I know I am slightly rattled by the reaction to The Woolf Within but have to move on into the most nerve wracking (for me) part of the session – a graphic illustration of the impact of crime.  With all the men gathered around me and with a bowl of water on the floor I talk about how we all like to be in control of our lives, how we like to plan, have aspirations, dreams, goals, but that when crime happens – as I throw an orange into the bowl to make a huge splash – life is disrupted “mess” is created and the ripples go on for a long time.  Next week they will meet someone whose life was turned upside down by the impact of crime…….I don’t say who or what.
We end the session with time in the small groups for each of them to think about their offending and who they affected and how – thinking of the orange in the bowl of water - whose lives did they “mess up”?
Bob, who had forcefully asserted that Peter Woolf was back in prison,  sits to one side looking bolshy.  I go and sit next to him and ask what is up? He tells me he doesn’t want to carry on with the course and that next week he won’t be coming.  I say how sorry I will be about that, but that it is a free choice and I can’t make him come.
He tells me I have humiliated him in front of everyone by disagreeing with him.  I apologise – I did not intend to humiliate. However I disagreed with what he had said.  I ask if he would like to hear it from my perspective?  I explain that, as I had told them, I know Peter and that I know for certain that he hasn’t been on a recent charge. Bob had, in front of the whole group, challenged the integrity of what I was saying and the foundation of the course.  He looked surprised and said “So I undermined you?” “Yes!” !  Bob apologised and said in that case he would return to his small group: ten minutes later, as all have gone back to their cells, his group facilitators tell me he rejoined the group transformed - chatty and positive! Prison has a strange effect on the ego making them incredibly vulnerable to anything they consider a put down but how refreshing to be able to deal with a disagreement and move on – how often we allow things to brew and smoulder.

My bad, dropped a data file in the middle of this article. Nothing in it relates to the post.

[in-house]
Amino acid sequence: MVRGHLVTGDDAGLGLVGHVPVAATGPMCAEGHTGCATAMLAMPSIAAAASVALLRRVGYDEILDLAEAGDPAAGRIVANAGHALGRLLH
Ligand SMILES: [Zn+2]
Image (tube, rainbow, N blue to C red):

Wednesday, 27 April 2011

Week 1

The first session is on a cold spring afternoon and having gathered outside the prison gate we file through security checking in our id and then gather in the waiting area – introducing ourselves to the one new team member.  We probably all recall that slight nervousness on the first time we joined the course.  I wonder if G feels it?
As we make our way through the prison all is quiet – a post lunch lock up means that the wings are empty and, today, quiet.  Down D wing to the Faith room at the end which is set up for us. 
As a team we have 45 minutes or so to prepare which involves agreeing team pairings and running through the order for the afternoon so everyone knows what to expect.  It also involves each team member thinking a little about what they will say in their introduction to themselves….quite daunting for the volunteers as much as for the men.
Around 1.50 we are aware of footsteps and voices approaching – echoing down the wing and the clunking of keys in locks.  There are three gates to unlock in the immediate approach to the room we are in so it is impossible to arrive unannounced!  T the Chaplain comes in and checks we are ready – we scramble the last few bits and pieces – a warm up activity needs a page of A4 to be placed under each chair and a welcome booklet and pen on each chair.  And the door opens to an assorted group of 19 (one seems not to be available and it transpires he has an immigration hearing so may, in fact, not be able to do the course) and I feel at a disadvantage this time not having been able to meet so many of the group.
I shake hands with many and write name labels enquiring first names of men who are much more used to giving surnames. 
As they take their chairs quick last minute conversations take place about one or two – there is a late addition to the list, one who has an unavoidable visit in 45 minutes and a query over the immigration issue.